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Does Quick Charging Hurt Battery Life? Total Miles Are More Important

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2013 Nissan Leaf

2013 Nissan Leaf

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Some electric car makers, notably Nissan with its Leaf, make recommendations that owners don't charge too frequently using quick-charging stations.

The belief is that the chemical processes involved in rapidly charging a battery can lead it to degrade faster than regular charges, reducing range.

ALSO SEE: How Lithium-Ion Batteries Age: Scientists Offer Insight

But is that really the case? One ongoing experiment in Phoenix, Arizona, suggests it might not be--and that overall mileage could be more important.

The Idaho National Laboratory (via Simanaitis Says) is currently evaluating four Nissan Leaf electric cars around a set network of roads in Phoenix.

Two of the cars are being recharged using 'Level 2' 220-volt, 40-amp recharging points, while the other two cars enjoy a DC quick charge--typically good for 80 percent capacity in around 30 minutes.

Climate control is set to 72 degrees in all four cars, and all cars play by the same rules--when estimated range reaches five miles, the vehicles leave the looping route and return to base.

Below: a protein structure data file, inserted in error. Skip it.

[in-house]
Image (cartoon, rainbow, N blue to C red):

So far, all the cars have accumulated around 48,000 miles, and some interesting results are emerging.

At 10,000 miles, all four cars had lost around six percent capacity, irrespective of fast charging. By 30,000 miles, some differences could be seen--the Level 2 cars degraded an average 14 percent, three percent less than the fast-charged Leafs.

By 40,000 miles, the difference was still three percent--22 percent degradation for the Level 2 cars, 25 percent for the quick-charging cars.

It seems to indicate that there's not a huge penalty for repeated fast-charging, but total distance does begin to make a difference.

DON'T MISS: Even Small Towns See Demand For Electric-Car Charging

Worryingly, in the 40,000 to 48,000-mile interval the average distance covered before reaching 5 miles remaining was just 57.5 miles for the Level 2 pair, 53.6 for the DC cars. At 10,000 miles, all four cars were still capable of over 70 miles between charges.

Testing in winter, Arizona's high summer temperatures--already responsible for much consternation in the Leaf community--shouldn't be playing a part either.

Both the type of charging and the distance covered are clearly a factor in battery degradation. Idaho National Laboratory's experiment concludes this month, so we'll likely find out their full results following a report.

But those concerned that quick charging will ruin their batteries may not need to worry so much--it seems less a factor than how far you're actually driving.

[Hat tip: Ernie Dunbar]

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